A History of the Santa Monica Schools: 1876-1951 by Donald M. Cleland

Lecture by Carolyne Edwards, Quinn Research Center on March 24, 2012 at the Thelma Terry Center in Virginia Park, Santa Monica, California
Imagine Santa Monica (Santa Monica Digital Archives) created by Cynni Murphy, Librarian III

Saturday, March 17, 2012

Noir Images in the Library’s Image Archives: Notes from “Bay City and Beyond”

-Cynni Murphy, Librarian III, Image Archives LibrarianRaymond Chandler's "Bay City" (read Santa Monica) locale in the Lady and the Lake inspired a search for noir images in the Library DIgitial Archives. Setting the scene included searching concepts such as: mystery, darkness, shadows and light, bandleaders, movie stars, and Santa Monica icons like beach estates, hotels, the Santa Monica Pier and yacht harbor. The time frame primarily was the 1930s through the 1950s, but earlier images also provided influence.

Nicholas Christopher in his book on American Film Noir, Somewhere in the Night : Film Noir and the American City, wrote - "every American city is always a tale of two cities : the surface city imbued with customs and routine, and its shadow, the nether city, rife with darker impulses and forbidden currents, a world of violence and chaos...a dark mirror reflecting a dark underside of American life."

American Crime Fiction writers, such as Raymond Chandler and hard boiled detectives, inspired the images of film noir. Searching a collection of images for a theme inspires a particular visual point of view. Looking for noir elements: corridors or stairwells, rooftops, blind spots or the "edge of something dangerous."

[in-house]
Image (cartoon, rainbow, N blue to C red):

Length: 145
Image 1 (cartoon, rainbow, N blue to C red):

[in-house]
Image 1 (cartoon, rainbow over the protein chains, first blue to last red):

Images selected from the Archives are available in Imagine Santa Monica

Night view of the coastline looking south to the Santa Monica Pier, 1929 (Security Pacific Bank Collection)
Archives #C69

Looking North on Fourth street Hensheys and Central Tower Building in a daytime view 1928. Hensheys 1925-1992 (Bldg demolished 1994). Tower Bldg. Art Deco built in 1929, M. Eugene Durfee Architect
Archives #B26

Night view of street lights looking toward the Richfield Gas Hotel Carmel and Central Tower Building from Colorado Avenue and Third Street, March 31, 1955. Hotel Carmel built in 1928, Kenneth Macdonald Jr. Architect
Archives #N214

Pier & Miramar Biltmore Beach Club in the foreground from the edge of the Palisades bluffs (photographed by Adelbert Bartlett 1927). Photographer for the Santa Monica Publicity Commission until WWII
Archives #C255

Coast Highway and Santa Monica Canyon (photographed by Adelbert Bartlett, 1935). “Altair Street lay on the edge of a V forming the inner end of a deep canyon. To the north was the cool blue sweep of the bay out to the point above Malibu to the south the beach town of Bay City was spread out on a bluff above the Coast Highway” – Raymond Chandler
Archives #C159

Iconic Santa Monica Pier merry-go-round La Monica Ballroom and Twin Racer roller coaster – amusements escape (Adelbert Bartlett, 1930) Pier originally built in 1909 at the end of Railroad Avenue (now Colorado) rebuilt 1920; Ballroom 15,000 square foot dance floor opened July 24, 1924 torn down 1963, Hippodrome Carousel built by I.D. Loof in 1916